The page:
There are five important lessons from efforts to transform the Tamiami Trail:
- Begin and maintain a focused dialogue - A regional planning forum, in this case the MPO, provides an excellent means to convene stakeholders and draw their attention to corridor redevelopment through analysis, formal plans and the continuing planning process that allocates state and federal transportation funds.
- Cultivate champions - Put elected officials, institutional and business leaders on steering committees and task forces to give them ownership of process and outcomes, and show early successes to sustain them.
- Change the mindset - examine the corridor in broad context of the region and adjacent neighborhoods to understand its unique and distinctive value to economic development, growth and community cohesion as a place rather than pass-through road. This also means redefining the purpose of transportation in the corridor from a focus on mobility to accessibility.
- Break the corridor into manageable segments or districts - A long corridor like US 41 can be overwhelmingly daunting. Break it down into focused pieces that relate to strategic objectives and the distinctive character of different places along the corridor.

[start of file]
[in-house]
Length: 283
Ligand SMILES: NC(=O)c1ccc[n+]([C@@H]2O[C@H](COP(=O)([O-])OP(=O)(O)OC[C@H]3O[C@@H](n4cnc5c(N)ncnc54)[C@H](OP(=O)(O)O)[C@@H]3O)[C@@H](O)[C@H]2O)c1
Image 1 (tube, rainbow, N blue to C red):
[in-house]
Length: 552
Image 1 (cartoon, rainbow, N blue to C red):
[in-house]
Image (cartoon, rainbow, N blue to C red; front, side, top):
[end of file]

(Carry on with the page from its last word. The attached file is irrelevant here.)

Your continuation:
- Leverage partnerships - Use funding and commitment of public agencies at all levels to achieve desired outcomes and engage the state DOT early as a partner in finding solutions. Form coalitions and align policies to match dollars with actions by public and private actors. Ultimately, very little changes in transportation by acting alone.
History and Decline of the Trail
The four- and six-lane arterial road links downtowns and neighborhoods filled with history and classic Florida tourism. The Ringling family built a circus empire with its winter home in Sarasota and Venice, and developed much of the area. John Ringling endowed Sarasota's internationally renowned Ringling Museum of Fine Arts, and his adjacent palatial residence on Sarasota Bay, Ca' d'Zan, is the most famous of numerous other historic homes from the Roaring '20s. The City of Venice, planned by famed architect and planner John Nolen, is one of Florida's most walkable cities and a harbinger of America's increasingly aging population, with its 21,000 residents averaging age 68. Bradenton and Palmetto, long centers of the agricultural and marine industry, continue to thrive as riverfront cities using redevelopment to reinvent themselves.